The Quest for Self-Actualization

The Quest for Self-Actualization

Terms like self-actualization and validation are thrown around a lot today; as our culture steadily moves more and more toward the celebration of the individual, these phrases are often used as catchy descriptors for the realization and affirmation of the self… But where do they come from, and what processes truly underlie self-actualization?

The term self-actualization owes its origins to the Humanistic psychological theory, most notably the theories of Abraham Maslow. Maslow coined the term self-actualization to describe the growth of an individual toward fulfillment of their highest needs, those most advanced concepts and “big questions” humans struggle with, such as the pursuit of the meaning of life.

Maslow believed in, and created, a psychological hierarchy of needs (many of us are already familiar with Maslow’s pyramid of needs), the fulfillment of which culminates in the realization of a person’s “being values”, the very top of the pyramid which symbolizes meaning.

Maslow believed that individuals who managed to become self-actualized people were able to resolve common ideological conflicts, such as that between determinism and free will, due to their enhanced creativity and psychological robustness.

Maslow’s hierarchy of needs ascends in the following order:

  1. Physiological needs (physical, survival-based needs), such as the need for food, water, sleep and air. These are on the bottom of the pyramid and represent our most basic needs.
  2. The need for safety, security, and protection; the need for a stable and secure environment free from strife is next on the pyramid; human growth cannot progress beyond this stage without safety, as feeling safe allows people to cease thinking about their survival-based needs and move on to more intangible desires.
  3. The need for love and belonging comes next, love from family and partners, peer acceptance, etc. This love sets the stage for the next level of the pyramid:
  4. The need for self-esteem, self-respect, and respect from others; the fundaments of self-love, in essence.
  5. The “being” needs of creativity and the pursuit of meaning.

Examples of people believed to be fully self-actualized individuals include Mahatma Gandhi, Viktor Frankl, and Nelson Mandela; Ghandi was willing to risk his life to stand up for the value of freedom, Frankl, despite having endured the holocaust, never lost his hold on his belief in life’s meaning, and Mandela also ascribed to a strong belief in life’s meaning all throughout his time of imprisonment. They were able to see past the lack of safety in their circumstances and remain in tune with their being values, despite the dichotomy of life and death present in their situations (evidence of psychological robustness).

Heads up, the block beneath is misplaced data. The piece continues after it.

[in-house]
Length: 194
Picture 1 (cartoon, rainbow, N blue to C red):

Each individual was able to see creative solutions for the problems in his situation, showing the creativity of fully self-actualized people. They understood that while the dualities of their situations were not fully resolvable,  a balance, a compromise could be found through the use of creativity.


Art as a Means of Self-Actualization


The ability described above is essential to resolving the many dichotomies people face when on the top tier of Maslow’s pyramid; they frequently deal with contraries like “freedom and determinism”, “the conscious and the unconscious”, etc., and resolve them by using art (and other means of creative solution-generating) to create a synthesis between the opposing polarities.

In the case of freedom and determinism, for example, we see a duality that is very well-balanced in the artistic process, with the artist channeling both self-expression and being the receiver of artistic expression, being both the utilizer of the conscious mind and the recipient of the unconscious.

Art can also be seen as joining the “self” with the “other”; in communicating with his or her self, he or she can also communicate with others through the use of metaphor and allegory (devices which allow for free expression, and thereby represent a form of self-communication). This creates a union between the self and the audience, a dialogue that goes both ways simultaneously while creating epiphanies in both the subject (artist) and object (audience). Art relies on this existence of contraries to be properly interpreted.

An example of one such epiphany can be seen in Sylvia Plath’s poem, “Morning Song”, wherein she states:

Im no more your mother

Than the cloud that distills a mirror to reflect its own slow

Effacement at the winds hand.

This evocative metaphor is used to describe her own peak experience, and in doing so she created a communication between herself and her audience which allowed her to self-actualize. Plath, despite being a sufferer of mental illness, was able to use her poetic ability to engage in the deconstruction and reconstruction of the self in a way that resulted in epiphanies and resolved contraries.

It can thus be said that self-actualization through creating art is possible and beneficial to a wide variety of individuals, including those suffering from mental illness. The interpretation of art as a whole (by both artist and audience) is a tool of self-realization, and self-realization is one in the same with self-actualization.

Self-actualization is therefore possible for all creative individuals, and as the human mind is itself creative, we are all creative individuals, to varying degrees. Self-actualization may thus be possible for all of us, if we approach it through the right channels.


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